By David Beier and Bob Kocher
This article first ran in BioCentury on January 28, 2021
The U.S. is not ready for the next pandemic. Our public health infrastructure and planning process are not up to the challenge, our capacity to treat at-risk citizens is insufficient, and we are not making enough of a new category of antiviral that can treat emerging viruses: mAbs derived from patients.
The bottom line is this — we are poised to make the same mistakes again unless we act now. Five measures would help the U.S. scale up testing, therapeutics and vaccine development. The…
With the launch of the Rebuilding Fund, California has laid a foundation for small business recovery, but much more needs to be done
This article, co-authored with Pedro Nava and Sean Varner, fellow Little Hoover Commissioners, was first published by Cal Matters on December 8.
On Nov. 20, Gov. Gavin Newsom announced the launch of a key program to support small businesses devastated by the COVID-19 pandemic — the California Rebuilding Fund. While we commend this strong start, the state must marshal more resources to address the pandemic’s impact on our small business communities.
The Rebuilding Fund is a partnership…
An Open Letter from more than 70 scientists and public health advocates
We the undersigned, scientists and public health advocates, urge public officials and leaders in communities and the private sector — corporate and nonprofit — to step up our efforts to stop the spread of the COVID-19 virus. We all know that masks, hand washing, physical distancing and targeted stay at home directions are sensible public health directives in the fight against this pandemic. We also urge rapid advances on safe and effective therapeutics and vaccines.
We write to say it is time for a national effort to focus…
By Max Bronstein and David Beier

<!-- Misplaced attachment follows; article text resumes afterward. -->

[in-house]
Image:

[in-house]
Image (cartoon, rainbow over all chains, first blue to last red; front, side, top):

This article ran in BioCentury on March 7, 2020
As the world eyes a return to post-COVID crisis ‘normalcy,’ a robust global recovery will depend on effective treatments and ultimately a vaccine. Yes, more than 400 research and clinical programs are already under way, but coordinating these efforts is a major challenge.
That’s why when NIH announced the formation of a public-private partnership among biopharmaceutical companies, the CDC, and global regulatory authorities, the news offered real hope for COVID drug development (see “Collaborating to Clobber COVID-19”).
Nothing as important as this has occurred since…
Harvard Business Review just published an opinion article on realistic public health steps that should be taken to increase the chances of a positive set of outcomes from the economic re-engagement that is occurring in many parts of the US.
My coauthors and I argue that an aggressive social protection plan, with the strategic use of masks and broader, measurable goals, can work well enough even without perfect testing regimes and incomplete contact tracing.
We conclude that best efforts at testing, tracing and masks can lower the spread by getting the RO lower. Yes, there are risks, but the risks…
By David Beier and Andrew Sullivan
We’re in the midst of one of the gravest tests America has ever faced. It’s a moment to set aside partisanship and make decisions in the interest of the American people. While we’re depending on President Trump to provide sober leadership, our collective health and financial well-being depend not on him alone, but on all of us. We all have to do our part. But we also need a national plan on testing.
It’s never too early to draw lessons from a crisis. This is the context for a piece which assesses the federal…
By Alex Karnal and David Beier
In The Great American Drug Deal, biotech investor Peter Kolchinsky outlines a vision for the future of the pharmaceutical industry. It’s a future in which the interests of society align both with the firms developing new medicines and the patients who depend on new treatments and cures.
Now that might sound far-fetched when you consider no industry stands in lower regard among Americans than the pharmaceutical sector, according to Gallup’s latest data. That’s exactly why Kolchinksy’s contributions are timely. In compulsively readable prose, he is proposing a new social contract between biopharmaceutical companies and…
By David Beier and Nelson Cunningham
When the world’s first power plant switched on in 1882 — steam engines, fired by coal, lighting lower Manhattan — policymakers probably didn’t ask what this breakthrough would mean for America’s rivalry with Germany, the rising industrial and military power of the day.
This century’s breakthrough technology is artificial intelligence, as consequential today as electricity was to the 19th century. Which nation leads on AI will lead on, well, everything. And that brings us to America’s rapidly escalating conflict with today’s rising power, China.
Managing Director, Bay City Capital, San Francisco, CA. Previously Chief Domestic Policy to Vice President Al Gore. Senior corporate officer DNA and Amgen